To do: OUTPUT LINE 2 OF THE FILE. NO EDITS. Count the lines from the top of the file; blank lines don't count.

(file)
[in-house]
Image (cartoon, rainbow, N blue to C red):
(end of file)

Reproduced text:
Image (cartoon, rainbow, N blue to C red):